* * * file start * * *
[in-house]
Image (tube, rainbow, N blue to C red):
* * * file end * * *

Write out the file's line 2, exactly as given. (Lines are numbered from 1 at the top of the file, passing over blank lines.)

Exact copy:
Image (tube, rainbow, N blue to C red):